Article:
Love to do some charity work. Have a passion for writing and do it in my spare time
C. WasekPhilanthropist, Post Graduate, Corpus Christi
Philanthropist, Post Graduate, Corpus Christi
Answered on Sep 24, 2019
Neutrons were discovered in the year 1932, and they were discovered by Sir James Chadwick, who is an English physicist. Before this time, a lot of people are already aware that there are protons that are located near the nucleus of the atom, but Sir James Chadwick declared that there are also particles that can be found near the center of the nucleus that does not come with any charge.
That is the time when he called the uncharged particles as neutrons. In order to prove that neutrons exist, he measured the mass of the atom. Take note that this was hard to do, especially at that time when this could not be directly weighed.
In 1932 James Chadwick used scattering data to calculate the mass of this neutral particle, which was the discovery of the Neutron. This discovery was a phenomenal move for science as they were able to get clearer understanting of the most minute particles of nature.
But the fact remains that science is constantly evolving and that the final word on any of these matters have not been reached. Yet as scientists continue their research on the atom and their intricacies, our understanding continues to improve. The idea is that through a better understanding of the atom and its functions, we will be better able to understand the world we live in.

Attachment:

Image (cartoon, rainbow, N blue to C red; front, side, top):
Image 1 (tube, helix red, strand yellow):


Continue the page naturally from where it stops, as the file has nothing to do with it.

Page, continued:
Neutrons were discovered in 1932 by James Chadwick when he was using scattering data to calculate its mass. Since neutrons are neutral in charge, they were more difficult to locate in an atom unlike the proton (positive) and electron (negative) that have charges.
The use of electromagnetic fields was done but neutrons are charge-less, it was a challenge in identifying them. Isolating them from electrons and protons was also difficult as they decay fast. Ernest Rutherford that an uncharged particle is present in an atom that has the same weight of a proton. Chadwick was assigned to gain evidence of Rutherford’s discovery of the bound proton-electron pair, and he succeeded in confirming the existence of the neutron.